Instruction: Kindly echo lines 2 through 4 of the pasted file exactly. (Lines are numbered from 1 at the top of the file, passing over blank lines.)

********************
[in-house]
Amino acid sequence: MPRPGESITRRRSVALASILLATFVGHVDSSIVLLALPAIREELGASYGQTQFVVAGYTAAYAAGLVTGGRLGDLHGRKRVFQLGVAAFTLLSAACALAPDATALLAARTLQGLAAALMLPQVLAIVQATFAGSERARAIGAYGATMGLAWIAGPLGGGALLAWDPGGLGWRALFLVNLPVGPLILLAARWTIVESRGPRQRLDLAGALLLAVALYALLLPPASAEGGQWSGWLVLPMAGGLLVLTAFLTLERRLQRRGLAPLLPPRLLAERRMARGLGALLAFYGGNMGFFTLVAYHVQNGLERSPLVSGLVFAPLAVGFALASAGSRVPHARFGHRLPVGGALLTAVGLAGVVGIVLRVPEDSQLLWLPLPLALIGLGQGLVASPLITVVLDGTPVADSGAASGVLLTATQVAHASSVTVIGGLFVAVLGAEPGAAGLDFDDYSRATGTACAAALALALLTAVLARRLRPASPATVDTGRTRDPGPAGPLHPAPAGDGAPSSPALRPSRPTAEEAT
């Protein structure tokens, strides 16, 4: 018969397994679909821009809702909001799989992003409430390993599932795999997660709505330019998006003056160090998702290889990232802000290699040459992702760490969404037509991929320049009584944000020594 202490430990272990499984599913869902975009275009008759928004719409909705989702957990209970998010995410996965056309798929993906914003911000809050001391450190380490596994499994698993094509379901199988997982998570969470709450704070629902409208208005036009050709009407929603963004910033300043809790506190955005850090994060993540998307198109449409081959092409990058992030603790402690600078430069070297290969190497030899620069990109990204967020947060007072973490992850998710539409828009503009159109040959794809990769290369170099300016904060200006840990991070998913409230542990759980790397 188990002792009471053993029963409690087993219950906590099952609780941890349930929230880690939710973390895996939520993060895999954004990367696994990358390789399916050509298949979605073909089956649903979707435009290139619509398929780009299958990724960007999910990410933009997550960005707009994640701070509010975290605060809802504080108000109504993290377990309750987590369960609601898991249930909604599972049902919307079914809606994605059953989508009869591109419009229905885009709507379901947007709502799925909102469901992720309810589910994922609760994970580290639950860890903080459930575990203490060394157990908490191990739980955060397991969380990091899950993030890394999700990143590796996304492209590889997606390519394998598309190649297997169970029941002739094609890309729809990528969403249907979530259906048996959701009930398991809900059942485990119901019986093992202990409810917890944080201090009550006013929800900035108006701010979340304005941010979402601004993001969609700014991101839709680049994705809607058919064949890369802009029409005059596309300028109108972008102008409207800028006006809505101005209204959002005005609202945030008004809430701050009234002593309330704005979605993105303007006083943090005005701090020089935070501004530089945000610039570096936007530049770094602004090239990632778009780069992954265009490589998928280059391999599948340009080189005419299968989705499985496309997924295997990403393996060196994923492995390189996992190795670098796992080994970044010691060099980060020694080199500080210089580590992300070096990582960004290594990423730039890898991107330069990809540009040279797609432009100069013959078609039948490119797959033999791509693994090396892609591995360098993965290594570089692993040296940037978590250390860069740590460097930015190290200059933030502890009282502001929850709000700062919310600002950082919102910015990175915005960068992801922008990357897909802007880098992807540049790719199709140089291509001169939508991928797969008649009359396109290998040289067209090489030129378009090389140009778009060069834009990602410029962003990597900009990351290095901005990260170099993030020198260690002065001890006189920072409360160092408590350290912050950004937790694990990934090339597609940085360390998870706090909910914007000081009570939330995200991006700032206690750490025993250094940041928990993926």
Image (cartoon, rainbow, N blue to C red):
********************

Amino acid sequence: MPRPGESITRRRSVALASILLATFVGHVDSSIVLLALPAIREELGASYGQTQFVVAGYTAAYAAGLVTGGRLGDLHGRKRVFQLGVAAFTLLSAACALAPDATALLAARTLQGLAAALMLPQVLAIVQATFAGSERARAIGAYGATMGLAWIAGPLGGGALLAWDPGGLGWRALFLVNLPVGPLILLAARWTIVESRGPRQRLDLAGALLLAVALYALLLPPASAEGGQWSGWLVLPMAGGLLVLTAFLTLERRLQRRGLAPLLPPRLLAERRMARGLGALLAFYGGNMGFFTLVAYHVQNGLERSPLVSGLVFAPLAVGFALASAGSRVPHARFGHRLPVGGALLTAVGLAGVVGIVLRVPEDSQLLWLPLPLALIGLGQGLVASPLITVVLDGTPVADSGAASGVLLTATQVAHASSVTVIGGLFVAVLGAEPGAAGLDFDDYSRATGTACAAALALALLTAVLARRLRPASPATVDTGRTRDPGPAGPLHPAPAGDGAPSSPALRPSRPTAEEAT
């Protein structure tokens, strides 16, 4: 018969397994679909821009809702909001799989992003409430390993599932795999997660709505330019998006003056160090998702290889990232802000290699040459992702760490969404037509991929320049009584944000020594 202490430990272990499984599913869902975009275009008759928004719409909705989702957990209970998010995410996965056309798929993906914003911000809050001391450190380490596994499994698993094509379901199988997982998570969470709450704070629902409208208005036009050709009407929603963004910033300043809790506190955005850090994060993540998307198109449409081959092409990058992030603790402690600078430069070297290969190497030899620069990109990204967020947060007072973490992850998710539409828009503009159109040959794809990769290369170099300016904060200006840990991070998913409230542990759980790397 188990002792009471053993029963409690087993219950906590099952609780941890349930929230880690939710973390895996939520993060895999954004990367696994990358390789399916050509298949979605073909089956649903979707435009290139619509398929780009299958990724960007999910990410933009997550960005707009994640701070509010975290605060809802504080108000109504993290377990309750987590369960609601898991249930909604599972049902919307079914809606994605059953989508009869591109419009229905885009709507379901947007709502799925909102469901992720309810589910994922609760994970580290639950860890903080459930575990203490060394157990908490191990739980955060397991969380990091899950993030890394999700990143590796996304492209590889997606390519394998598309190649297997169970029941002739094609890309729809990528969403249907979530259906048996959701009930398991809900059942485990119901019986093992202990409810917890944080201090009550006013929800900035108006701010979340304005941010979402601004993001969609700014991101839709680049994705809607058919064949890369802009029409005059596309300028109108972008102008409207800028006006809505101005209204959002005005609202945030008004809430701050009234002593309330704005979605993105303007006083943090005005701090020089935070501004530089945000610039570096936007530049770094602004090239990632778009780069992954265009490589998928280059391999599948340009080189005419299968989705499985496309997924295997990403393996060196994923492995390189996992190795670098796992080994970044010691060099980060020694080199500080210089580590992300070096990582960004290594990423730039890898991107330069990809540009040279797609432009100069013959078609039948490119797959033999791509693994090396892609591995360098993965290594570089692993040296940037978590250390860069740590460097930015190290200059933030502890009282502001929850709000700062919310600002950082919102910015990175915005960068992801922008990357897909802007880098992807540049790719199709140089291509001169939508991928797969008649009359396109290998040289067209090489030129378009090389140009778009060069834009990602410029962003990597900009990351290095901005990260170099993030020198260690002065001890006189920072409360160092408590350290912050950004937790694990990934090339597609940085360390998870706090909910914007000081009570939330995200991006700032206690750490025993250094940041928990993926």
Image (cartoon, rainbow, N blue to C red):